Hi, I’m movie blogger, Emilio Giron, and I’m writing about a modestly budgeted superhero movie titled Deadpool. It stars reasonably handsome color book enthusiast turned super actor Ryan Reynolds. He plays the movie’s titular character, Deadpool, aka Wade Wilson, Marvel Comic’s “Merc with a Mouth.” Like most romance movies, this is the usual run-of-the-mill Valentine’s Day story cliche: guy meets girl, girl meets guy, they fall in love, a shadowy agency turns guy into an immortal slave designed for the sole purpose of murder – wait, what? Okay, let’s run this back real quick. A movie titled Deadpool isn’t exactly a romance movie (but it comes close!). It’s a superhero origin film. And there’s a particular R-rated zest that makes this story different from other comic book movies. This movie is all about Wade Wilson and his warpath revenge bloodbath that fails to nail the bad guy (Ajax). Once thought dead, after the aforementioned power-giving experiments, Wilson has to deal with the repercussions of his exposed identity, namely the abduction of the love of his life, Vanessa. If you think about it, there’s no better way to show your love by disappearing yourself off to some underground lab for super illegal torture-filled experiments, and then coming back to save the day, despite a horrible disfigurement and irreversibly twisted psyche.
Ryan Reynolds shows once again why he was born for this role. From beginning to end, this movie is hilariously entertaining, and doesn’t let up. Like his character, Deadpool, this movie moves quickly, brisk enough that I didn’t even feel it running towards the 2-hour mark. The film cuts back and forth between past and present and future. Whether it be through the movie’s action or the character’s dialogue, it achieves this through some well-timed transitions. Early on, I thought that these edits would have confused viewers, but my worries disappeared as the film went on. What I liked the most about this film was its uncensored, unadulterated fun. Just like in the comics, Deadpool breaks the fourth wall (ala Ferris Bueller style) throughout the entire film. It’s a colorful and brilliant nuance that breathes new life into the comic book movie genre. Speaking of which, one would think that the film’s rating would hamper this movie, because it’s gratuitously violent (which it is), the on screen deaths (which it has), nudity (lots of it) and uses of foul language (f-bombs left and right). There hasn’t been many R-rated comic book movies because of this. But with that said, I have to say that this movie is just so well done, I can’t imagine a world in which more of these types of films don’t come into production. Also, the movie’s just so fun. There’s little treats in here in the form of easter eggs and references to other X-Men movies. I think it’s because the crowd is allowed to participate in a lot of what Deadpool has to say, and I found myself smiling and laughing throughout the entire film.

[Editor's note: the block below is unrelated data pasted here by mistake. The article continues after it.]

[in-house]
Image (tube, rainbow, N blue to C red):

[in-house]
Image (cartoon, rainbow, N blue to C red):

This movie was good, and because of that, I find myself too entertained to really pick out anything I didn’t like about it. Well, I should say that I found Colossus’s (our metal-skinned character pictured above) design borderline cartoonish, but it wasn’t bad.
Deadpool is the perfect film for an adult couple to watch on a romantic evening. I stress adult, because this movie is not for kids (even though there were kids in the theater I was in). There’s way too much violence and booty for a 5-year-old to handle. Leave the kids at home, and let the hilarity ensue with Deadpool.
‘Deadpool’ Review photos courtesy of FoxMovies.com and Facebook.com/DeadPoolMovie